Despite not having any access to the giant iPhone-like device, developers from companies big and small are planning their apps for the iPad. Apple has released the software needed to build the apps, which can be used on a Mac.
However the real fight of the competing apps come from the eBook and publishing sector, where things could get ugly.
Amazon.com and Barnes & Noble are reportedly both working on apps for buying and reading electronic books on the iPad, even though both companies sell their own e-reading devices and Apple will offer its own iBooks app.
According to The New York Times Barnes & Noble’s 14-strong digital unit has been working on creating an iPad app from the company’s already existing iPhone app.
Barnes & Noble’s vice president of digital products, Douglas Gottlieb, told the NYT that the app will let users flip through books quickly with finger swipes, as well as customise fonts in a variety of colours and sizes. Mr. Gottlieb said the company was talking to other publishers about adding multimedia to digital books
Amazon’s Kindle app for the iPad is pretty similar and also lets users turn pages with their fingers, according to the NYT. But this has been met with more hysteria online, where idiots fail to recognize that just because Amazon id developing an app for the iPad, it’s not telling you not to buy the Kindle.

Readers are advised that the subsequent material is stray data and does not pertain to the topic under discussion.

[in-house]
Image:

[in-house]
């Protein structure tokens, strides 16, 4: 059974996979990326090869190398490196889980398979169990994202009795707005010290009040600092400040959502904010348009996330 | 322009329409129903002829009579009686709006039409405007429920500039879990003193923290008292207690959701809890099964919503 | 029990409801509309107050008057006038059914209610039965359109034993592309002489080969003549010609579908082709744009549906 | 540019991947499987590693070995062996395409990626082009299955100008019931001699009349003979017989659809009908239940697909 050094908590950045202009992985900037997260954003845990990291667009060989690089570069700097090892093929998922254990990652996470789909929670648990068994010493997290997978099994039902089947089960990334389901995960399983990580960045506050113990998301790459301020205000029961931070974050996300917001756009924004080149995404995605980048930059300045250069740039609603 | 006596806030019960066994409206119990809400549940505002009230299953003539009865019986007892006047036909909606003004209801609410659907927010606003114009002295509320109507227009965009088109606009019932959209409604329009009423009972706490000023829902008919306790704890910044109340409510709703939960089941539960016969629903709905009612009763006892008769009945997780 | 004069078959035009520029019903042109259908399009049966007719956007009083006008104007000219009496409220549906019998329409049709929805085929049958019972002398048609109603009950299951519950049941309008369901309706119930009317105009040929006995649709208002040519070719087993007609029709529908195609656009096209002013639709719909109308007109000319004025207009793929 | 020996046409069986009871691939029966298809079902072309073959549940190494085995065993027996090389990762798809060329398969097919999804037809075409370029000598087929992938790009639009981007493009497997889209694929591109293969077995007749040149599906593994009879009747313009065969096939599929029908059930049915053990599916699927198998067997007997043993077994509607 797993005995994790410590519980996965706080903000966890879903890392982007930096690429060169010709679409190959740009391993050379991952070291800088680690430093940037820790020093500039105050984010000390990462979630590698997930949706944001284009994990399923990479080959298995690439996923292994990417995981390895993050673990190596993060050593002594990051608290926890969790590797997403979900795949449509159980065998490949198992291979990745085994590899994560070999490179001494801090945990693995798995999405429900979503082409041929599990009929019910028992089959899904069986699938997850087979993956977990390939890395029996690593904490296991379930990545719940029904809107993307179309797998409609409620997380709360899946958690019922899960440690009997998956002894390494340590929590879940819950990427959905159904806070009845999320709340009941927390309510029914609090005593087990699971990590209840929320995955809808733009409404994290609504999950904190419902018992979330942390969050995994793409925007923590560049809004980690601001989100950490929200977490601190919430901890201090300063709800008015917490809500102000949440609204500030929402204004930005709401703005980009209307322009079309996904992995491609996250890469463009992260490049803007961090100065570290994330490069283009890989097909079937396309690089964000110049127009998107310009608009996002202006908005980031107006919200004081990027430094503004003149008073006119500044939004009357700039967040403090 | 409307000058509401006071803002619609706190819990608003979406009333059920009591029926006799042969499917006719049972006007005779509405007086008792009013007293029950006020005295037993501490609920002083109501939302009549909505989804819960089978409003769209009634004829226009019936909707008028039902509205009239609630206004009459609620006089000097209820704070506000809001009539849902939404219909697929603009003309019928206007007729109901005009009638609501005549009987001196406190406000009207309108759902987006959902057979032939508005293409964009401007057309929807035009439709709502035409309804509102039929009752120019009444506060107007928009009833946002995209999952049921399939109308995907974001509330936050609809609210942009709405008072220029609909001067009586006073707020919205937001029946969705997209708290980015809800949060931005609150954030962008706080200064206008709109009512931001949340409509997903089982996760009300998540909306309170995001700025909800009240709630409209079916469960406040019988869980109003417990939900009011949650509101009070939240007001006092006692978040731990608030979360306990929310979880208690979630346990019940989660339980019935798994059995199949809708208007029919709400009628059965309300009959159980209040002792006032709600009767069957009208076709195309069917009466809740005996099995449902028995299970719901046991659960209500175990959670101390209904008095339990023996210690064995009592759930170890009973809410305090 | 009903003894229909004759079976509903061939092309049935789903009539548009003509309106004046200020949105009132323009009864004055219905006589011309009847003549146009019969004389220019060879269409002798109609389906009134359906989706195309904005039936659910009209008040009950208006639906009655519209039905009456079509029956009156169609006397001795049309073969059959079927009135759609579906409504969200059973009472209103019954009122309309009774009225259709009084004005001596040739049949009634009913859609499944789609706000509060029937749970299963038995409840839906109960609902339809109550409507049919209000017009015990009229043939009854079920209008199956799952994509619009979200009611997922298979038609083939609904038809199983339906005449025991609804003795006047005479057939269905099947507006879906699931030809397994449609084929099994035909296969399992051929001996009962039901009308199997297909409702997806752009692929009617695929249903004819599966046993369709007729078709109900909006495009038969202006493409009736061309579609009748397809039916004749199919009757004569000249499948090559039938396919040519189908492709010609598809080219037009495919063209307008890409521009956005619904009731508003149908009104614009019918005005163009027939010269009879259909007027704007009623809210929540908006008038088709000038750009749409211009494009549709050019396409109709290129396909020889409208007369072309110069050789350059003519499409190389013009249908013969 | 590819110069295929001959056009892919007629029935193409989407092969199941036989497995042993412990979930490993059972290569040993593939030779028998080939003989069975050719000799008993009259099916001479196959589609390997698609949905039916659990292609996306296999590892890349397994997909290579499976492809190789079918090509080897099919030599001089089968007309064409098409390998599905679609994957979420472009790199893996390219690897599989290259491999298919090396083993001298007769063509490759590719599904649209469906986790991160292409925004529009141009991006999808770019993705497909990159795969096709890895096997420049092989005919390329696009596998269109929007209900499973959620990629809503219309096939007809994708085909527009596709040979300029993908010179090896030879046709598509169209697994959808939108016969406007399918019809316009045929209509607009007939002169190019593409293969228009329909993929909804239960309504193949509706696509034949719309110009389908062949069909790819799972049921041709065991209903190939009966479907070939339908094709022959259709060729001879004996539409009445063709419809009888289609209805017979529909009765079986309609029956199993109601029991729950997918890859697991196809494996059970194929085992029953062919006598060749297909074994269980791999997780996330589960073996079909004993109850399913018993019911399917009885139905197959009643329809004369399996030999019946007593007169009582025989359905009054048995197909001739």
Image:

Both Amazon and Barnes & Noble will be running against the app demoed three weeks ago by Penguin where, you guessed it, you can turn pages by sliding your finger.
“The iPad represents the first real opportunity to create a paid distribution model that will be attractive to consumers”, said Penguin CEO John Makinson at demo. “The psychology of payment on tablets is different to the psychology on a PC”. Translated, that essentially means: “people don’t know they can steal stuff on a tablet, yet”.
A Penguin representative told TechEye today “It’s all good! As many entry points into reading as possible I say..”
The iPad will be available from 3rd April from all the usual Apple places. Follow someone with a black shirt and poor taste if unsure where to go.